Your Child’s Development: 3-5 Daysenparentshttps://kidshealth.org/EN/images/headers/P-milestones_development_3-5days_enHD_1.jpgDoctors use certain milestones to tell if a baby is developing as expected. Here are some things your baby may be doing.3 to 5 days, 3-5, newborn, development, milestones, baby, communication, language, skills, movement, physical development, social and emotional development, cognitive, thinking and learning, know the signs, autism04/28/201610/20/201610/20/2016Mary L. Gavin, MD06/14/20167a5777d6-ff47-4bce-a7cc-2bd67b2d04c4https://kidshealth.org/ws/RadyChildrens/en/parents/development-3to5d.html/<p>Though only a few days old, your baby already is able to interact in some ways. When alert, your baby will likely focus on your face. Babies are especially drawn to higher-pitched voices, so give into that urge to use "baby talk." You are introducing your baby to language and your baby will enjoy it.</p> <p>Doctors use these milestones to tell whether a baby is developing as expected. There's a wide range of what's considered normal, so some babies gain skills earlier or later than others. Babies who were born <a href="https://kidshealth.org/ws/RadyChildrens/en/parents/preemies.html/">prematurely</a> reach milestones later. Always talk with your doctor about your baby's progress.</p> <p>Here's what your newborn might do in the first few days after birth:</p> <h4>Communication and Language Skills</h4> <ul> <li>turns his or her head toward a parent's voice or other sounds</li> <li>cries to communicate a need (to be held or fed, to have a <a href="https://kidshealth.org/ws/RadyChildrens/en/parents/diapering.html/">diaper changed</a>, or to sleep)</li> <li>stops crying when the need is met (your baby is picked up, fed, or changed; or goes to&nbsp;<a href="https://kidshealth.org/ws/RadyChildrens/en/parents/sleepnewborn.html/">sleep</a>)</li> </ul> <h4>Movement and Physical Development</h4> <ul> <li>moves in response to sights and sounds</li> <li><strong>rooting reflex:</strong> turns toward breast or bottle and sucks when a nipple is placed in the mouth</li> <li><strong>Moro reflex</strong> (startle response): when startled, throws out arms and legs, then curls them back in</li> <li><strong>fencer's pose</strong> (tonic neck reflex): when head is turned to one side, straightens the arm on that side while bending the opposite arm</li> <li><strong>grasp reflex: </strong>holds a finger placed in the palm; toes curl when touched on the sole of the foot</li> </ul> <h4>Social and Emotional Development</h4> <ul> <li>soothed by a parent's&nbsp;voice and touch</li> <li>calms self when upset</li> <li>has periods of alertness</li> </ul> <h4>Cognitive Skills (Thinking and Learning)</h4> <ul> <li>looks at and follows faces when quiet and alert</li> <li>stares briefly at bright objects placed in front of the face</li> </ul> <h3>When to Talk to Your Doctor</h3> <p>Every child develops at his or her own pace, but if there's something that concerns you, tell your doctor. Also tell the doctor if your baby:</p> <ul> <li>doesn't suck well at the breast or on a nipple</li> <li>has an arm or leg that seems weaker than the other</li> <li>is extremely irritable and difficult to soothe</li> </ul>El desarrollo de su hijo: 3-5 díasLos médicos utilizan estos hitos evolutivos para saber si un bebé se está desarrollando según lo que cabe esperar. Hay una gran variabilidad en lo que se considera normal, de modo que algunos bebés adquieren habilidades antes y otros lo hacen después.https://kidshealth.org/ws/RadyChildrens/es/parents/development-3to5d-esp.html/b3158daa-388e-4a9b-8f93-bd46a5ee9704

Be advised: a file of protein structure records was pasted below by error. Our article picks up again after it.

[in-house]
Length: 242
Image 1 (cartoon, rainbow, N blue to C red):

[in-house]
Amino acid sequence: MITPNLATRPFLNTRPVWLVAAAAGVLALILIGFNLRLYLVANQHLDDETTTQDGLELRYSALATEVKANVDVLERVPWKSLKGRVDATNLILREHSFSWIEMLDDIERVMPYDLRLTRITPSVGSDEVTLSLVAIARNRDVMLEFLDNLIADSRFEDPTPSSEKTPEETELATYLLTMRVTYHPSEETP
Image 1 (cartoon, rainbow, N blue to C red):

Breastfeeding vs. Formula FeedingMaking a decision to breastfeed or formula feed your baby is a personal one. There are some points to consider to help you decide which option is best for you and your baby.https://kidshealth.org/ws/RadyChildrens/en/parents/breast-bottle-feeding.html/7169ccbe-8013-4c19-90e6-19862788f64d
Communication and Your NewbornFrom birth, your newborn has been communicating with you. Crying may seem like a foreign language, but soon you'll know what your baby needs - a diaper change, a feeding, or your touch.https://kidshealth.org/ws/RadyChildrens/en/parents/cnewborn.html/804c85f1-c9ab-4f9a-b025-1d0c3005e81a
Learning, Play, and Your NewbornPlay is the primary way that infants learn how to move, communicate, socialize, and understand their surroundings. And during the first month of life, your baby will learn by interacting with you.https://kidshealth.org/ws/RadyChildrens/en/parents/learnnewborn.html/43b40b93-3a6c-4eb0-9bdf-7cf7662f3a2f
Movement, Coordination, and Your NewbornIt may seem like all babies do is sleep, eat, and cry, but their little bodies are making many movements, some of which are reflexes.https://kidshealth.org/ws/RadyChildrens/en/parents/movenewborn.html/bc155a68-b011-44aa-8599-a1f5e773df0a
Your Child's Checkup: 3 to 5 DaysFind out what this doctor's checkup will involve a few days after your baby is born.https://kidshealth.org/ws/RadyChildrens/en/parents/checkup-2weeks.html/b110eacb-2ba9-40ea-9af5-16b316e7154c
Your Newborn's GrowthA newborn's growth and development is measured from the moment of birth. Find out if your baby's size is normal, and what to expect as your baby grows.https://kidshealth.org/ws/RadyChildrens/en/parents/grownewborn.html/e0ab9fc0-9148-43ec-b047-e05f68aa23a8
kh:age-babyZeroToOnekh:clinicalDesignation-developmentalMedicinekh:genre-articlekh:primaryClinicalDesignation-developmentalMedicineGrowth & Your Babyhttps://kidshealth.org/ws/RadyChildrens/en/parents/pregnancy-newborn/growth/88eb3a39-d157-42b2-ac50-7385eb46488cGrowthhttps://kidshealth.org/ws/RadyChildrens/en/parents/growth/growth/3c28cc60-227a-4cde-8686-e46bb334b33b